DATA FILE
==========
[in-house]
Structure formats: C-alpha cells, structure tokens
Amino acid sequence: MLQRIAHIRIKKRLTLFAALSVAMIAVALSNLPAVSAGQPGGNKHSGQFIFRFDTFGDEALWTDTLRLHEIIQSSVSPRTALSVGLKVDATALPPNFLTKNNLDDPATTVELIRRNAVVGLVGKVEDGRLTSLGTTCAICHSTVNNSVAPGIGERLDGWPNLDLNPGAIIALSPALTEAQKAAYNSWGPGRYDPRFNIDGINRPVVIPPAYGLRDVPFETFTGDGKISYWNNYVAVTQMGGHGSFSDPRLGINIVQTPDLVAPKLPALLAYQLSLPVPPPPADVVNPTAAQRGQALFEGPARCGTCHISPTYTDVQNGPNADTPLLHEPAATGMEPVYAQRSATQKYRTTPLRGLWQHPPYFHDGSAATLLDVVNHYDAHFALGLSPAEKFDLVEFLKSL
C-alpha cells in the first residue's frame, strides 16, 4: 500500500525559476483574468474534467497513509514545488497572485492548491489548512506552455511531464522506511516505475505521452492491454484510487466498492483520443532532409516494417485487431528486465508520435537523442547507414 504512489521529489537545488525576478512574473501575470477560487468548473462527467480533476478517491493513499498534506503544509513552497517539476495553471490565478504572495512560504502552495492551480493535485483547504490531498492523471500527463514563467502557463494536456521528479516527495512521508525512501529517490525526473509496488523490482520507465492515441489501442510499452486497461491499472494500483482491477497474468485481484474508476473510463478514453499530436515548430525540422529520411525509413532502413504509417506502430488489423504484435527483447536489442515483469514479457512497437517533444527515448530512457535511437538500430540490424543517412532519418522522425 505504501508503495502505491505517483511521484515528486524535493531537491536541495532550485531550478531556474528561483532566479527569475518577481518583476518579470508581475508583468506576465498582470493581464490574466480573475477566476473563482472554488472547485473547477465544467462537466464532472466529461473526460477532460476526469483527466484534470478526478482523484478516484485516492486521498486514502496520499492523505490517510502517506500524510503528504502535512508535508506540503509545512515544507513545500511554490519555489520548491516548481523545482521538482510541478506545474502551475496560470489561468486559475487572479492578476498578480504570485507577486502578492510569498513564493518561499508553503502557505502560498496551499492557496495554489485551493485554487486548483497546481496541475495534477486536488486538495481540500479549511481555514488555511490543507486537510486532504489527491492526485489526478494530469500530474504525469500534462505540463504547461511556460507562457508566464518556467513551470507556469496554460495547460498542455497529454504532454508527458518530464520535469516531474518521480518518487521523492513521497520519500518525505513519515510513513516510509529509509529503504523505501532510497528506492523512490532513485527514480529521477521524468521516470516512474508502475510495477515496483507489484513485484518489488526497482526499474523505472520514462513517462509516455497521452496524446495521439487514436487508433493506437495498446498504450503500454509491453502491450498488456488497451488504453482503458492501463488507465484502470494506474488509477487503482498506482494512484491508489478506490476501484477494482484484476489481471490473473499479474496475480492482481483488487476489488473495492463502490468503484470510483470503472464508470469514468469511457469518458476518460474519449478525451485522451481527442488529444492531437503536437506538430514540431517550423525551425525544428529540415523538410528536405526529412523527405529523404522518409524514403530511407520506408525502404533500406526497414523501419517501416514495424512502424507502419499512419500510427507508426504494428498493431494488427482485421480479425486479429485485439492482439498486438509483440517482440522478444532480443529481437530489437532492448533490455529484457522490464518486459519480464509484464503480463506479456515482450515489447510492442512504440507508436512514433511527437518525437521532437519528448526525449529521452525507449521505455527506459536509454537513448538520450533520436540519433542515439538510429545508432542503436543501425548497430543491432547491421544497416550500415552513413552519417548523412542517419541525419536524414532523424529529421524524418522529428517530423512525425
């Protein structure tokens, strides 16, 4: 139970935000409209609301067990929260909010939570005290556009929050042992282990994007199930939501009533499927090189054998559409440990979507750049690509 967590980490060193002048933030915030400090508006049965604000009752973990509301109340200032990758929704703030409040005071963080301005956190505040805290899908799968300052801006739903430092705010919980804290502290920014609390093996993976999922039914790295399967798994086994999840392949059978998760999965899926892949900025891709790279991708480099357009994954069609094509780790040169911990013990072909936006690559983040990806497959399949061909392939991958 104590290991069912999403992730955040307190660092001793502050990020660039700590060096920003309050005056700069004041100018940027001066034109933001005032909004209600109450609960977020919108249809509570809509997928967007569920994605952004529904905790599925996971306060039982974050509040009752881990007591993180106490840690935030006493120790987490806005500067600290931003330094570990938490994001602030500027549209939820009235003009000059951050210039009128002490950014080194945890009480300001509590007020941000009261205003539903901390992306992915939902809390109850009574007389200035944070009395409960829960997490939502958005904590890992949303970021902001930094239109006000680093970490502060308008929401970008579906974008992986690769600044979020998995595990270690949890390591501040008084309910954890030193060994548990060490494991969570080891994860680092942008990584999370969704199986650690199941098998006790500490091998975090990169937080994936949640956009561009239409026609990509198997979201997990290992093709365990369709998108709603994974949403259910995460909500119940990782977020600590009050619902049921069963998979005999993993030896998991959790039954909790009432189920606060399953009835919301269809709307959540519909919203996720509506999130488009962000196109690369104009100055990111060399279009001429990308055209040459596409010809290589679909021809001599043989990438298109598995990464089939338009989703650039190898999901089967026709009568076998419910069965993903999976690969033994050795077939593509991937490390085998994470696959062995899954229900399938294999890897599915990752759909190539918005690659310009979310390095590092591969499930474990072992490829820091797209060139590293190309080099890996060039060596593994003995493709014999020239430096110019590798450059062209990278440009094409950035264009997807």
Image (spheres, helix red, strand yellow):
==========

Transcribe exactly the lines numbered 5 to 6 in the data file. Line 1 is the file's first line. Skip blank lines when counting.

């Protein structure tokens, strides 16, 4: 139970935000409209609301067990929260909010939570005290556009929050042992282990994007199930939501009533499927090189054998559409440990979507750049690509 967590980490060193002048933030915030400090508006049965604000009752973990509301109340200032990758929704703030409040005071963080301005956190505040805290899908799968300052801006739903430092705010919980804290502290920014609390093996993976999922039914790295399967798994086994999840392949059978998760999965899926892949900025891709790279991708480099357009994954069609094509780790040169911990013990072909936006690559983040990806497959399949061909392939991958 104590290991069912999403992730955040307190660092001793502050990020660039700590060096920003309050005056700069004041100018940027001066034109933001005032909004209600109450609960977020919108249809509570809509997928967007569920994605952004529904905790599925996971306060039982974050509040009752881990007591993180106490840690935030006493120790987490806005500067600290931003330094570990938490994001602030500027549209939820009235003009000059951050210039009128002490950014080194945890009480300001509590007020941000009261205003539903901390992306992915939902809390109850009574007389200035944070009395409960829960997490939502958005904590890992949303970021902001930094239109006000680093970490502060308008929401970008579906974008992986690769600044979020998995595990270690949890390591501040008084309910954890030193060994548990060490494991969570080891994860680092942008990584999370969704199986650690199941098998006790500490091998975090990169937080994936949640956009561009239409026609990509198997979201997990290992093709365990369709998108709603994974949403259910995460909500119940990782977020600590009050619902049921069963998979005999993993030896998991959790039954909790009432189920606060399953009835919301269809709307959540519909919203996720509506999130488009962000196109690369104009100055990111060399279009001429990308055209040459596409010809290589679909021809001599043989990438298109598995990464089939338009989703650039190898999901089967026709009568076998419910069965993903999976690969033994050795077939593509991937490390085998994470696959062995899954229900399938294999890897599915990752759909190539918005690659310009979310390095590092591969499930474990072992490829820091797209060139590293190309080099890996060039060596593994003995493709014999020239430096110019590798450059062209990278440009094409950035264009997807």
Image (spheres, helix red, strand yellow):